On 2 June 2020, Hong Kong Economic Times featured their interview with Simon Tyrrell, CEO of
RedBox Storage, on how the company managed to expand business against Covid-19 by targeting small and medium-sized enterprises users. The interview also touches upon RedBox Storage‘s newly developed fire safety unit following the Amoycan Industrial Centre fire in 2016. After long-term testing, the fire safety unit now adequality satisfies all necessary fireproofing performance requirements.
Read the translated article content below to learn more about the interview:
1. RedBox Storage expands against headwind, targeting small and medium-sized enterprises users
Despite Covid-19, some industries maintain a steady growth. RedBox Storage is one local company that has been less affected by Covid-19 and is looking to expand business by recruiting more SME customers.
Neither local or global businesses and economies will inevitably be impacted by the coronavirus. Simon Tyrrell, Chief Executive Officer of RedBox Storage Limited has been keeping his chin up. “In general, the storage business is not affected a lot by the ups and downs of economic cycles. As local demand in storage space is huge, our storage business was not largely impacted by Covid-19, although revenue growth is less than expected, we are still doing well,” he said.
Temporary equipment storage with large demand from SMEs
The storage business did not drop along with the economy and received quite a few enquiries. Simon mentioned that individual customers make up 78% of the customer base, with the remaining 22% being SMEs. “In terms of
individual customers, as most countries are locked down and the tourism industry has been put on hold, quite a lot of customers are keeping their suitcases in our storage buildings.” He added that customers are worried about going out, so most chose the door-to-door service to send over their storage items.
Simon noted that there has been a change in the type of SME customers contacting RedBox during Covid-19. “Most SME customers were seasonal, as some of them have to wait for certain festivals to sell their stock. Recently, we saw an increase in corporate customers who were looking for space to store financial and legal documents as they had to work from home. Also, due to office closures, corporate customers had to move their office equipment to storage until the office or retail store reopens.”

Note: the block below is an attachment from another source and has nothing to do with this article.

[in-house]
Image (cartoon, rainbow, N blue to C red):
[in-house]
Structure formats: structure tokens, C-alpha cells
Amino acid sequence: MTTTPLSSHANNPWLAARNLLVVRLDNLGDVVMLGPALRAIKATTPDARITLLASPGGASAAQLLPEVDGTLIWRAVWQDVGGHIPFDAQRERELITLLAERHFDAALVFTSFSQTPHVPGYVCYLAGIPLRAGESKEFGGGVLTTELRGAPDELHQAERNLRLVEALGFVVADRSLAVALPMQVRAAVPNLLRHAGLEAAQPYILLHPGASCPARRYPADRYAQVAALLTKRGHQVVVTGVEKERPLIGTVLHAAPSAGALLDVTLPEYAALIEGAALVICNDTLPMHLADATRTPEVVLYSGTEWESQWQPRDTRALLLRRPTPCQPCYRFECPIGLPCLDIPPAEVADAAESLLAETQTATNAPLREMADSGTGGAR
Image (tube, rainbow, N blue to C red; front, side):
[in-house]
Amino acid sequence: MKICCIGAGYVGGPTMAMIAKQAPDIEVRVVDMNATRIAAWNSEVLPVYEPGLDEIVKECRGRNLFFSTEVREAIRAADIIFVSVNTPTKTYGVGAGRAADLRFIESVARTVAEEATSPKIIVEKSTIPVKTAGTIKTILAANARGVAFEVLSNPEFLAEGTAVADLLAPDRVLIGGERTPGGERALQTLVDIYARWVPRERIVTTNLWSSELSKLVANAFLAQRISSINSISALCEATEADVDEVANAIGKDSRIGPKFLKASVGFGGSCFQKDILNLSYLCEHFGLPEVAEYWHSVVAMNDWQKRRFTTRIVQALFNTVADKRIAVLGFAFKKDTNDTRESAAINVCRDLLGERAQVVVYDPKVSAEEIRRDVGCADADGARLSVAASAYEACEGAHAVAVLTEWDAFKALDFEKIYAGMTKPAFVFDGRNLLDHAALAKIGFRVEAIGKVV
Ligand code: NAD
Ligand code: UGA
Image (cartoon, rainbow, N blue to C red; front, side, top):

Before the pandemic, Simon anticipated revenue growth would reach 25% this year. “Although Covid-19 has had limited impact on us, we will reduce our revenue growth forecast to 20%. To meet this goal, we will continue to
focus on attracting SME customers and rely on the marketing and sales department to promote our brand through online channels.”
A space with great lighting and surroundings
Most storage buildings are located in industrial buildings with a plenty of space but quite a lot of problems. Simon noted that customers still have an image of mini storage as being a “dirty and crowded warehouse”. He said, “We are keen to rebrand mini-storage warehouse by creating bright and spacious designs in our storage spaces.”
Simon added that the interior work for mini-storage has to comply with government standards. For example, a distance not less than 2.4 metres is required between storage units. The distance between storage units and the
ceiling should be a minimum of 1 metre, with the height of each storage unit not exceeding 2.35 metres.
With a total space of over 500,000 square feet, Redbox Storage has five stores across Sha Tin, Chai Wan, Yau Tong, Tuen Mun and Tsuen Wan. “Our total storage space grew by five-fold in the past three years, with our current utilization rate at 53%, we believe there will be more customers looking to use them.”
Simon is positive about the storage business, he said, “Although the current socioeconomic atmosphere is gloomy, we hope to expand against the headwind. In the future, apart from maintaining a steady growth, if there are any suitable storage companies looking for an M&A, we are interested in looking for complementary opportunities.” He also mentioned that, RedBox is looking to open a store in the south of Hong Kong Island close to an MTR station that is convenient for customers.
2. Developed new fire safety unit with a long-term testing
Due to the limited space in Hong Kong, there are many local storage companies in the city. However, the Amoycan Industrial Centre fire in 2016, which started in a self-storage facility, caused both the industry and the community to focus on the safety of mini-storage facilities.
Simon Tyrrell, Chief Executive Officer of a local storage company RedBox, said all their mini warehouses were in compliance with the Potential Fire Hazards in Mini-Storages and Related Abatement Measures issued by Hong
Kong’s Fire Services Department. For example: “The total area of unobstructed and breakable windows (including “access windows”) should not be less than 1/16 (or 6.25%) of the total floor area of the mini-storage. It should not be too high or too low, so if a fire is burning, firefighters or other people can climb in and out quickly. The windows also can’t be too low to prevent people accidently falling out.”
In addition, the company has developed a “fire safety unit”. Tyrrell said that the fire safety unit was designed and developed by their company and built by a mainland Chinese factory. After repeating tests of its fireproofing performance several times, it was then shipped to Hong Kong.
He explained, “In addition to the quality of the fireproof board used [to make the fire safety unit], the joints are even more important. Sometimes, the fireproof board passed the test, but if the joint is not right that can also cause danger. Therefore, the fire safety unit will only be certified to use after a long testing time.”